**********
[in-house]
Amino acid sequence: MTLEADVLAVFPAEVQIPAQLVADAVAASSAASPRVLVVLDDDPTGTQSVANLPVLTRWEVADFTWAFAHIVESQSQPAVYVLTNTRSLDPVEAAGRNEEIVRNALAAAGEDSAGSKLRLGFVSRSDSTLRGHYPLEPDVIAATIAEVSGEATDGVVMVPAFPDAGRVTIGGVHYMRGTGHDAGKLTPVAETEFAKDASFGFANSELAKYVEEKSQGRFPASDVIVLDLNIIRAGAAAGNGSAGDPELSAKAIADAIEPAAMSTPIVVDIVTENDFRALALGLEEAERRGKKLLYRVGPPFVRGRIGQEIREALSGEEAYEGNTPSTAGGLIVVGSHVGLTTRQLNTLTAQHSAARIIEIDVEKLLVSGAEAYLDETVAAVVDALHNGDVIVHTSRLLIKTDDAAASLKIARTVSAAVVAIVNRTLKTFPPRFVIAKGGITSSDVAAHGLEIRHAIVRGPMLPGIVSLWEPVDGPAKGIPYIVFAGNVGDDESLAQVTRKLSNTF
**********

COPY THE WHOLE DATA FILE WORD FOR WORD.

[in-house]
Amino acid sequence: MTLEADVLAVFPAEVQIPAQLVADAVAASSAASPRVLVVLDDDPTGTQSVANLPVLTRWEVADFTWAFAHIVESQSQPAVYVLTNTRSLDPVEAAGRNEEIVRNALAAAGEDSAGSKLRLGFVSRSDSTLRGHYPLEPDVIAATIAEVSGEATDGVVMVPAFPDAGRVTIGGVHYMRGTGHDAGKLTPVAETEFAKDASFGFANSELAKYVEEKSQGRFPASDVIVLDLNIIRAGAAAGNGSAGDPELSAKAIADAIEPAAMSTPIVVDIVTENDFRALALGLEEAERRGKKLLYRVGPPFVRGRIGQEIREALSGEEAYEGNTPSTAGGLIVVGSHVGLTTRQLNTLTAQHSAARIIEIDVEKLLVSGAEAYLDETVAAVVDALHNGDVIVHTSRLLIKTDDAAASLKIARTVSAAVVAIVNRTLKTFPPRFVIAKGGITSSDVAAHGLEIRHAIVRGPMLPGIVSLWEPVDGPAKGIPYIVFAGNVGDDESLAQVTRKLSNTF